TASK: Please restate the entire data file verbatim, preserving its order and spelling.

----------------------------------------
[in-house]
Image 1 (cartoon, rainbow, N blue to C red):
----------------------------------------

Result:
[in-house]
Image 1 (cartoon, rainbow, N blue to C red):